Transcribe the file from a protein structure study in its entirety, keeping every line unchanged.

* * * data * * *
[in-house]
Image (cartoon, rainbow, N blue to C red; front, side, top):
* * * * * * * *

[in-house]
Image (cartoon, rainbow, N blue to C red; front, side, top):